First, we need to create a new C# project. A simple console application is good enough for this example. 

The actual API dlls that we will need to reference are located in the application directory of the Release Management Client install (for me, this is C:\Program Files (x86)\Microsoft Visual Studio 14.0\Release Management\Client\bin). The dlls that we will need from this folder are:

  1. Microsoft.TeamFoundation.Release.Common
  2. Microsoft.TeamFoundation.Release.CommonResources
  3. Microsoft.TeamFoundation.Release.Data
  4. Microsoft.TeamFoundation.Release.Data2
  5. Microsoft.TeamFoundation.Release.Data3
  6. Microsoft.Practices.EnterpriseLibrary.Validation

We will also need to add a reference to:

  1. WindowsBase.dll.

We need to configure our console app to point to our Release Management Server. To do this, copy the contents of Microsoft.TeamFoundation.Release.Data.dll.config (from the RM Client application folder) into our console app's App.config. NOTE: The "supportedRuntime" section should NOT be copied to our App.config, or else the app might not launch properly.

Figuring Out Where to Start

Now that we have the solution set up, how do we know what Type we need to reference inside our code? You could jump down to my code example below, but if you want to learn how to figure it out for yourself, then open up Fiddler.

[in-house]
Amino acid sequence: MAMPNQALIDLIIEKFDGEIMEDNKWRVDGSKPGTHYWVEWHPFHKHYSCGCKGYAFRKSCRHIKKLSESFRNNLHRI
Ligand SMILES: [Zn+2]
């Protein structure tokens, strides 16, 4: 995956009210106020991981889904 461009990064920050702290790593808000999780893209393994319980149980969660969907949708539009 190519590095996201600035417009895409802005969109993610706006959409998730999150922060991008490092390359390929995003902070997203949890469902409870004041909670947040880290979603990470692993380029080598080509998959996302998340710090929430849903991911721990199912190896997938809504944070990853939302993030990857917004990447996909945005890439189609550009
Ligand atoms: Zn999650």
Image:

Fiddler lets us see all traffic going to and from your computer. Since the Release Management Client communicates to the server via a WebAPI, we can do something manually in the Client and Fiddler will tell us what the WebAPI equivalent is, which maps pretty closely with the .NET API.

So for our example, create a Release in draft mode in the Client. Fiddler will show a few (19 for me) requests (after you click anything in RM, there are several requests worth of loading the next screen). We need to flip through the requests, looking in the Request Header to find something that sounds like what we want. Here are a few of the Request Headers that I see after creating a Release in draft:

  1. POST /account/releaseManagementService/_apis/releaseManagement/ReleaseV2Service/ListReleases?api-version=6.0 HTTP/1.1
  2. POST /account/releaseManagementService/_apis/releaseManagement/ConfigurationService/GetApplicationVersion?api-version=6.0 HTTP/1.1
  3. POST /account/releaseManagementService/_apis/releaseManagement/OrchestratorService/CreateRelease?releaseTemplateName=MyReleaseTemplate&deploymentPropertyBag=%7B%22ReleaseName%22%3A%22MyReleaseName%22%2C%22ReleaseBuild%22%3A%22MyCompany.MyApplication_1.0.1%22%2C%22ReleaseBuildChangeset%22%3A%22%22%2C%22TargetStageId%22%3A%223%22%2C%22MyComponent1%3ABuild%22%3A%22%22%2C%22MyComponent1%3ABuildChangesetRange%22%3A%22-1%2C-1%22%2C%22MyComponent2%3ABuild%22%3A%22%22%2C%22MyComponent2%3ABuildChangesetRange%22%3A%22-1%2C-1%22%7D&api-version=6.0 HTTP/1.1